Disaster Recovery and High Availability Concerns within Your Network & Systems Management Strategy

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For more information on Network Management, visit: http://www.solarwinds.com/network-management-software.aspx

Watch this webcast: http://www.solarwinds.com/resources/webcasts/disaster-recovery-and-high-availability-concerns-within-your-network-and-systems-management-strategy.html

Understanding the differences between disaster recovery and high availability and the design constraints of each is an important part of any systems architecture or design. During this webcast we’ll discuss these topics in details along with the unique requirements of network and systems managements systems and operations with respect to each. Some of the things that we’ll cover include:

• Design considerations for highly available systems
• Understanding disaster recovery planning
• Design considerations for network and systems management
• The impacts of DR/HA on network operations

IT Management tools have transitioned over the years from nice-to-have, point solutions to mission critical applications. From VoIP to email to POS transactions, every IT system requires 24 X 7 robust management. Join us as we discuss the SolarWinds Orion Failover Engine and how it can help you maintain 100% Orion IT management coverage through a variety of outage situations.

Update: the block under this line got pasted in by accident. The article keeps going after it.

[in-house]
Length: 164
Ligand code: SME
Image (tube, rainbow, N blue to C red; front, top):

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Disaster Recovery and High Availability Concerns within Your Network & Systems Management Strategy

  1. 1.
  2. 2. A big “Howdy” from SolarWinds®<br /> based in Austin, Texas<br />Josh Stephens, VP of Technology & Head Geek<br />Dan Wendeln, Education and Certification Manager <br />Today’s Topic: <br /> Disaster Recovery and High Availability<br /> Options as part of your Network <br /> Management Strategy<br />Who is SolarWinds?<br />What we do…<br />Who are our customers?<br />The SolarWinds community…<br />Introduction<br />
  3. 3. Agenda<br /><ul><li>Introductions & Housekeeping
  4. 4. Understanding Disaster Recovery (DR) and High Availability (HA)
  5. 5. Design Considerations for High Availability
  6. 6. Disaster Recovery Planning
  7. 7. Network and System Management Design
  8. 8. Impacts of DR/HA on Network Operations
  9. 9. Summary and Q&A</li></li></ul><li>A Few Notes about Today’s Session<br /><ul><li>Today’s content will be fairly high-level
  10. 10. We only have an hour
  11. 11. No attendee left behind…
  12. 12. Ask questions!!!
  13. 13. Don’t be afraid to ask deeper questions
  14. 14. Don’t wait until the end – ask away
  15. 15. Today’s session is being recorded
  16. 16. Recorded session on SolarWinds.com
  17. 17. Slides available on slideshare.com</li></ul>J0sher2014<br />
  18. 18. High Availability and Disaster Recovery<br /><ul><li>High Availability
  19. 19. Minimize downtime
  20. 20. Local system redundancy
  21. 21. Secondary system cut-over upon primary system failure
  22. 22. Self-healing systems
  23. 23. Disaster Recovery
  24. 24. Business Continuity
  25. 25. Remote site redundancy
  26. 26. Cut-over for worst case scenario
  27. 27. Not high availability</li></ul>J0sher2014<br />
  28. 28. HA/DR and Network Management<br /><ul><li>Network and Systems management are business critical
  29. 29. Loss of network management means loosing
  30. 30. Visibility
  31. 31. Problem detection, alerting and reporting
  32. 32. SLA verification, Security
  33. 33. When the NMS is down, the entire network is in an unknown state!</li></ul>J0sher2014<br />
  34. 34. Design Considerations for High Availability<br /><ul><li>Goals drive requirements and resources
  35. 35. Realistic goals allow obtainable results
  36. 36. System and service priorities
  37. 37. Critical, high, med, low
  38. 38. Method vs. Cost